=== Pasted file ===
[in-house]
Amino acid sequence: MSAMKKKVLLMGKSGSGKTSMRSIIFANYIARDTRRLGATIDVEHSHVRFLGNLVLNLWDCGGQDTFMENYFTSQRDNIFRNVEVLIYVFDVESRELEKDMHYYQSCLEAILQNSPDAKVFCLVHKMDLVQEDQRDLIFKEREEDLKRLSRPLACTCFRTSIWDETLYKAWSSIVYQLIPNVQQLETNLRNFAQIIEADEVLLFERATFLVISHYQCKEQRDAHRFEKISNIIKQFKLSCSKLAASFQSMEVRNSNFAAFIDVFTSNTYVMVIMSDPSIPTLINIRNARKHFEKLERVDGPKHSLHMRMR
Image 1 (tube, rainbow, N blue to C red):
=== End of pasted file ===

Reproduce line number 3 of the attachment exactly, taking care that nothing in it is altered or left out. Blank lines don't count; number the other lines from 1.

Image 1 (tube, rainbow, N blue to C red):